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For some people, offering out a spare room to a lodger may be a sensible option.  This would mean that Housing Benefit would no longer consider the room to be spare. 

In addition to this, the first £20 of weekly income from a lodger is ignored and won't affect your benefits.  If you receive more than £20 a week in rent, the extra cash is likely to affect your benefits - although overall you should still be better off.  Call 01389 738555 for information and advice about the effects additional income will have on your benefit. 

Homeowners and tenants who let furnished accommodation and take in a lodger are exempt from paying tax on rental income of up to £4,250 a year - and because it's tax free, it also won't affect the amount that you receive in Child Tax Credit or Working Tax Credit either. 

Step by step guide to renting out a room 

Step One - Get your house rent ready 

Make sure your home and the room you want to rent out is safe, fire proof and that you have general safety sorted. 

If you are planning to rent out a room, let your landlord know as you may need to get permission first.  Councils and housing associations usually allow tenants to take in a lodger, but you have to check and get permission. If you are a Council or a housing association tenant you should also explain the conditions of your own tenancy agreement to your lodger, to ensure that both you and your lodger adhere to this. 

Also check with our Benefits Section on 01389 738555 to check if the extra cash affects your entitlement to benefits. 

A general guide to letting a room is available here: 

http://www.communities.gov.uk/publications/housing/lettingrooms?view=Standard

Step Two - Advertise 

There are lots of ways you can advertise your spare room.  Try putting a notice in your local shop or go online and advertise it for free through one of the many websites available.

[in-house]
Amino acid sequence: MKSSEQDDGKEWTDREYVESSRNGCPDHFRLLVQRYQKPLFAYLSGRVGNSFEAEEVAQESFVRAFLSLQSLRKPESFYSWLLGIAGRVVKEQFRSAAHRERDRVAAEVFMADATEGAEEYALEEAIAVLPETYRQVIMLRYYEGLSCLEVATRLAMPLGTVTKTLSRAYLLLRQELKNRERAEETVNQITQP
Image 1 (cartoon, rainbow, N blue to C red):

Step Three - Find someone that's right for you 

Letting someone live in your home is a big step, so it pays to be prepared. 

Take your time to talk to the people viewing your property to make sure they are a good fit for your home. 

It is also good to lay down your simple ground rules early, so you both know what to expect. 

Step Four - Get references 

Ask your new lodger if they can provide references from en employer or previous landlord.  This can give you extra peace of mind that the agreement you are entering into is likely to be alright.

Step Five - Get it in writing

Have a written agreement between you and your lodger. 

This should include: weekly rent amount and how to pay; which rooms/facilities the lodger is entitled to use; services you agree to provide; any share of household bills, how long until the weekly rent amount is reviewed , house rules; and notice period.  There are many guides to lodger agreements available through bookshops and stationers. 

Safety tips 

  • Always have a friend accompany you to interview new lodgers.
  • Keep valuables locked away during the interview.
  • Make sure you use the interview as an opportunity to ask about anything that concerns you.

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